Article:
Unruly Hordes or Altruistic Communities?: Crowdsourcing in Academic Institutions

dc.contributor.advisor Kolar, Kelly
dc.contributor.author Utendorf, Kayla
dc.contributor.committeemember Myers-Shirk, Susan
dc.contributor.department History en_US
dc.date.accessioned 2016-05-13T18:29:03Z
dc.date.available 2016-05-13T18:29:03Z
dc.date.issued 2016-04-07
dc.description.abstract This thesis uses surveys, interviews, and blogs to examine crowdsourcing in archives, libraries, and other academic institutions, with special focus on the connection between crowdsourcing and traditional volunteering and on the benefits of crowdsourcing for archives. Traditional volunteers in libraries and archives and crowdsourcing volunteers are both motivated primarily by enjoyment in the task at hand and by a strong sense of community and friendship among their fellow volunteers. Crowdsourcing provides archives with an opportunity to achieve work that they would not have the resources to achieve otherwise and provides increased outreach opportunities by allowing volunteers to engage with archival records. This thesis also traces a history of crowdsourcing projects, in archives and otherwise, and provides a series of recommendations for those considering starting a crowdsourcing project.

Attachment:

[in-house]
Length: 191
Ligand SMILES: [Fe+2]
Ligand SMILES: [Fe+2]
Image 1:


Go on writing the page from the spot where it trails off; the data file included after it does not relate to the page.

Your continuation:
dc.description.degree M.A.
dc.identifier.uri http://jewlscholar.mtsu.edu/handle/mtsu/4911
dc.publisher Middle Tennessee State University
dc.subject Archival science
dc.subject Community
dc.subject Crowdsourcing
dc.subject Voluntarism
dc.subject.umi Library science
dc.subject.umi History
dc.thesis.degreegrantor Middle Tennessee State University
dc.thesis.degreelevel Masters
dc.title Unruly Hordes or Altruistic Communities?: Crowdsourcing in Academic Institutions
dc.type Thesis
Original bundle
Now showing 1 - 1 of 1
No Thumbnail Available
1.13 MB
Adobe Portable Document Format